Phil 1381 – Chapters 3 & 4 Synopsis
Essay title: Phil 1381 – Chapters 3 & 4 Synopsis
Chapters 3 & 4 Synopsis
Mark Childers
PHIL 1381
June 4, 2005
Chapters 3 & 4 Synopsis
I believe the assumption of an external reality is the assumption that there is a real world that is external to our mind and senses, and that it exists whether or not we as observers exist, and whether or not we are observing it. This assumption cannot be proved because all of our perceptions, without exception, are mental images, and we have no means to go beyond our mental images. It is one we all commonly make without even thinking about it. In the military, we assume the office and the computer in it are there after we leave work at the end of the day and will be there when we arrive at work in the morning. When we head home at the end of the day, we assume that our house or apartment will be there when we arrive, and that it continued to be there in our absence after we left in the morning. We assume that our friends, relatives, and acquaintances are there whether we can see and talk to them or not, and whether or not we are thinking about them. We assume that our parents existed before we were born, and that many of the people we know will be alive after we die. So many of our everyday experiences repeatedly confirm this assumption that most of us hardly question it. It is an assumption that has enormous survival value: we know that a speeding car can kill us while we are crossing the street absorbed in our thoughts and unaware, that a stray bullet can instantly obliterate our consciousness without warning, or that we can die from an external agent such as a virus, a bacterium, or a poison. The assumption of external reality is necessary for science to function and to flourish. For the most part, science is the discovering and explaining of the external world. Without this assumption, there would be only the thoughts and images of our own mind (which would be the only existing mind) and there would be no need of science, or anything else. In addition to the assumption of an external reality, we also make the assumption that this reality is objective. This is repeatedly confirmed by our daily experience as well as by scientific observations. I also learned that objectivity means that observations, experiments, or measurements by one person can be made by another person, who will obtain the same or similar results. The second person will be able to confirm that the results are the same or similar by consultation with the first person. Hence, communication is essential to objectivity. In fact, an observation that is not communicated and agreed upon is not generally accepted as a valid observation of objective reality. Because agreement is required, objective reality is sometimes called consensus reality. We have said that science assumes that external reality exists whether or not it is observed but that this cannot be proved since all of our observations are necessarily purely mental images. A statement that by its very nature cannot be proved is not a physical assumption, but is called a metaphysical assumption. (Such an assumption can also be called an axiom.) Thus, the bedrock of all science is not science at all but is metaphysics! Not only the nature of science, but also our experience of living, would be fundamentally changed if this assumption were not made. Idealism states that mind or consciousness constitutes the fundamental reality, or is primary. Some versions of idealism admit the existence of material objects, others deny that material objects exist independently of human perception. Plato is often considered the first idealist philosopher, chiefly because of his metaphysical doctrine of Forms. Plato considered the universal Idea or Form, sometimes called an archetype–for example, redness or goodness–more real than a particular expression of the form–a red object or a good deed. According to Plato, the world of changing experience is unreal, and the Idea or Form–which does not change and which can be known only by reason–constitutes true reality. Plato did not recognize mystical experience as a route to true reality, only reason. Idealism was first expounded by Plato in his cave allegory in The Republic. Prisoners are in an underground cave with a fire behind them, bound so they can see only the shadows on the wall in front of them, cast by puppets manipulated behind them. They think that this is all there is to see; if released from their bonds and forced to turn around to the fire and the puppets, they become bewildered and are happier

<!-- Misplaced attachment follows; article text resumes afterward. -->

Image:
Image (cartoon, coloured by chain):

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Assumption Of An External Reality And Versions Of Idealism. (April 3, 2021). Retrieved from